For the neck I wouldn't worry about it unless it won't bolt on good it's not causing a problem. If the repairs seem solid and it doesn't bolt on good I would drill out each of the holes 1/4'' and use maple dowels (same wood as the neck). Then put the neck in the pocket and drill holes a little bit smaller than the screws into the neck and screw it together. As far as the trem post bushings it looks like it just needs a little sanding maybe a little bit of woodfiller and some finishing to make it look good since you said they were solid.
#13
Quote by mistermikev
if this were mine...

I'd go over to an industrial belt sander and sand off 90%(maybe 80% depending how deep the truss rod is) of the entire neck heel at an angle... being careful to make sure it ends up perfectly flat so it can receive a well selected piece of maple... then glue on that piece of maple using clamps and a counter wedge on top, then that industrial belt sander to flatten out the heel back to normal, then use a bottom bearing router bit to trim off the excess.
Sorta the slow way round on that. Sanding is for leveling/smoothing. Not for removing massive amounts of material.

There do seem to be some problems deep in this neck heel. Probably more than 50% will have to go, to make this reasonably solid. But I'd probably do that in 2 strips that would be attached on either side of the trussrod and that disc. (I'm assuming that's part of a micro-tilt system?)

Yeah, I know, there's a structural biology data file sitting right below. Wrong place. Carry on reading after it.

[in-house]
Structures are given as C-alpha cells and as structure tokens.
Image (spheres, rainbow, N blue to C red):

I'd be interested in hearing what David has to say about this one.


Also, bushings are a BAD idea, unless they have wood-threads on the outside as well as the machine-screw threads on the inside. Normal press-in bushings will be easily pulled out by the torque on the neck.
Meadows
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#14
^ a good industrial 12" belt (not a hand held belt sander a table belt sander with a 8' belt) w a 60 grit belt would make very short work of this... and the trick would be to 'ease' up to the point you wanted to stop... so that you didn't hit the truss rod.

you COULD cut it on a band saw... and then sand... but again... if you've ever sanded stuff on an industrial belt sander... it will go thru that wood like a hot knife thru butter - not that the average person would have access to that equip.
#15
Yeah, but then it'd burn the living **** out of the wood.
R.I.P. Les Paul, 1915-2009

A man chooses, a slave obeys.
#16
Quote by AngusJimiKeith
find the guy who let this happen, and punch him in the face.
He he, yes, but if i find him him he wont get away that easy, i'll (rightfully, as a true Darwinist) elminate him from the active genetic pool